Author Topic: Efficient direction of efforts  (Read 1921 times)

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altasilvapuer

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Efficient direction of efforts
« on: August 14, 2013, 04:39:19 AM »
I'm still indecisive as to whether this should be here or general topics, but there you have it.  I'm passing that buck to the moderators.

The last year or so, I've found it very difficult to work on anything without immediately considering it the vein of my symphony I've been working on.  When I get frustrated with it, I'll try to go work on something else, but invariably, I find myself trying to shoehorn or cannibalize the parts of what precious little else I write into being in the symphony.

It's quite frustrating, but so far I've learned to live with it.  At least it gives me a bit of a reason to finish the work, for all that I've a long way to go.  I sometimes can scurry away to do some minor engraving work, but even that is most often on the symphony, and there are precious few works about which I'm concerned for engraving them, right now.

Does anyone else have similar challenges, where one work so dominates your compositional thought that you simply can't be productive on really anything else?  How do you handle it, or do you?

-Matthew
R: "How much time do you think it takes to write a book?"
O: "Oh, you know: Not long . . . but long."
[Patrick Rothfuss and his son, Oot, on the nature of writing.]

Jamie Kowalski

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Re: Efficient direction of efforts
« Reply #1 on: August 14, 2013, 10:19:24 AM »
Hi Matthew,

I can relate. My priority at the moment is finishing my large suite, and I've been going through my sketchbook and appropriating things left and right. Some of those things had sort of been earmarked for other possible future projects, but as I need a lot of material quickly, I've been lifting some of it and adapting it for the suite. I always have the question in the back of my mind of whether or not I should be borrowing something, if I'm not sure I'm comfortable "re-using" it for its original purpose.

On the other hand, I have so many unfinished pieces and loose sketches, that I really need to start doing something with some of them. I guess if I end up using an idea in two different pieces, it's really not that bad.

gogreen

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Re: Efficient direction of efforts
« Reply #2 on: August 15, 2013, 08:18:36 AM »
Quote
When I get frustrated with it, I'll try to go work on something else, but invariably, I find myself trying to shoehorn or cannibalize the parts of what precious little else I write into being in the symphony.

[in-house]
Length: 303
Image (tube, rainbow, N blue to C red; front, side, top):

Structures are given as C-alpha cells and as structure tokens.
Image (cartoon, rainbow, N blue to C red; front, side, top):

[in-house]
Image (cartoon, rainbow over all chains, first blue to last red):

A suggestion: Stop fighting it and go with it! Even if it's a "wrong" step, it will bring you one step closer to the right direction. I believe such is the nature of creativity and the creative process. So I don't believe there really are any "wrong" steps. Stop editing as you go for a while and let it take you where it takes you.

I've been doing this for about a year or so now, and it's spawned some eye-opening breakthroughs and high points for me.

Jamie Kowalski

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Re: Efficient direction of efforts
« Reply #3 on: August 15, 2013, 08:44:50 AM »
I don't believe there really are any "wrong" steps. Stop editing as you go for a while and let it take you where it takes you.

Wonderfully articulated. I believe our best work happens when we allow ourselves to ignore the practical side of our brains, and write as much as possible without restricting ourselves through pre-judgement.

Turn off your mind when it's time to write. Turn it back on when it's time for edits.

gogreen

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Re: Efficient direction of efforts
« Reply #4 on: August 15, 2013, 10:53:56 AM »
Thanks, Jamie. You might enjoy Trust the Process: An Artist's Guide to Letting Go, by Shaun McNiff. The book is mainly about artwork, but, as Dr. McNiff told me, "In my experience the core concepts and processes transcend disciplines." What I had written in my last message is one of the main concepts I drew--and tested--from the book. Very liberating!

Jamie Kowalski

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Re: Efficient direction of efforts
« Reply #5 on: August 15, 2013, 11:06:07 AM »
That looks like an interesting book, I may track that down when I get time.